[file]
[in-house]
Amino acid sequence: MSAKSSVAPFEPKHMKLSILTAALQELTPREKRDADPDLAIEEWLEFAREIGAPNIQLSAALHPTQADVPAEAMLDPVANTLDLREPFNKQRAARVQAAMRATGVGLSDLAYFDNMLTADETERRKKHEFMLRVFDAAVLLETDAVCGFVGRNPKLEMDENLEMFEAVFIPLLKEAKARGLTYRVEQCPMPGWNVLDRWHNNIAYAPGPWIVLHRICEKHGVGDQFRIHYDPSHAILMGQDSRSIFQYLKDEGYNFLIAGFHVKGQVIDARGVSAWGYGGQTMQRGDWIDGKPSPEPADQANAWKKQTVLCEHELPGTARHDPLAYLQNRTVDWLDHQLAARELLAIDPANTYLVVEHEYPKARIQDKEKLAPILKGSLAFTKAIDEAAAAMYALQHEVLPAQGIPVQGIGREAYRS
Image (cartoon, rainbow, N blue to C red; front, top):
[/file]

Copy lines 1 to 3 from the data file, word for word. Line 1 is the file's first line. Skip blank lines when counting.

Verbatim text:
[in-house]
Amino acid sequence: MSAKSSVAPFEPKHMKLSILTAALQELTPREKRDADPDLAIEEWLEFAREIGAPNIQLSAALHPTQADVPAEAMLDPVANTLDLREPFNKQRAARVQAAMRATGVGLSDLAYFDNMLTADETERRKKHEFMLRVFDAAVLLETDAVCGFVGRNPKLEMDENLEMFEAVFIPLLKEAKARGLTYRVEQCPMPGWNVLDRWHNNIAYAPGPWIVLHRICEKHGVGDQFRIHYDPSHAILMGQDSRSIFQYLKDEGYNFLIAGFHVKGQVIDARGVSAWGYGGQTMQRGDWIDGKPSPEPADQANAWKKQTVLCEHELPGTARHDPLAYLQNRTVDWLDHQLAARELLAIDPANTYLVVEHEYPKARIQDKEKLAPILKGSLAFTKAIDEAAAAMYALQHEVLPAQGIPVQGIGREAYRS
Image (cartoon, rainbow, N blue to C red; front, top):